Among believers there is a conviction that virtual reality today is about where the internet was at the turn of the century.
“Everybody wanted a website, everybody wanted to be on the internet,” George Bileca of Voxel Architects, a metaverse design firm, said. “The metaverse is the natural evolution of websites.”
Now, everybody seems to want a piece. In February, JPMorgan, which has described the metaverse as a potential $1 trillion-a-year opportunity, opened a lounge-office in a mall in Decentraland.
McDonald’s, a major real estate player in its own right — the fast-food chain owns nearly $30 billion of real property worldwide — recently filed a trademark application for a virtual restaurant, which analysts say could serve as a hub for ordering home delivery.
The explosion of interest has generated high demand for metaverse designers and builders. One doesn’t necessarily need to know how to code. Many, like Voxel’s Bileca, have a background in traditional architecture. The best builders also have some experience designing games, he said.
“Architects are really good at planning and understanding how people move through buildings, but concept artists are the ones able to be super creative here,” Bileca said.
A new project begins like any design process, with an exploratory meeting about scale and style. Reference pictures of real buildings are reviewed. Some want to borrow elements from the work of starchitects like Mies van der Rohe and Frank Gehry. Costs for larger, more complex projects — a bespoke office building, for example — can reach as high as a few hundred thousand dollars.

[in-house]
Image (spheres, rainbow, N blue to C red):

Many early adopters have focused on creating “relatable” structures that resemble real-life ones, Bileca said.
“They want to be sure that the building represents their brand identity,” he said.
Auction house Sotheby’s wanted precise re-creations of their real world real estate — in its case, its London office — but have been willing to experiment with interior design to “show that many more things are possible in the metaverse,” Bileca said. Sotheby’s made the second level of its metaverse headquarters, where it showcases NFTs from the popular Bored Ape Yacht Club collection, a swamp.
Because the metaverse is unbounded by gravity and other fundamental rules of the material world, there is room to go wild. Media and entertainment companies, which are already hosting virtual concerts for the likes of ABBA and Metallica, experimented from the start, according to Fatemeh Monfared, founder of Spaces, a metaverse architecture startup.
One venue build-out, called Whirlpool Galaxy, looks like a landscape from the Jetsons, “with water and rocks mixed among flying platforms and neon lights,” according to a description on Spaces’ website.
“It’s the responsibility of the designer to help the client realize what is possible,” Monfared said.
The tower that will be the tallest in Decentraland — at 155 meters, it will rise above Jamestown’s One Times Square when it is finished — has a “sci-fi Babylon tower” vibe, according to Luca Arrigo, co-founder of Metaverse Architects, the firm that designed it for cryptocurrency company Airdrop.com.
“The client said to us, ’Do whatever you want,’” Arrigo said. “’Build something crazy and go for it.’“
It’s unclear what Airdrop.com will use the space for, but utility may not be the point.
”When you break a record of having the tallest tower,” Arrigo said, ”it makes some good PR.”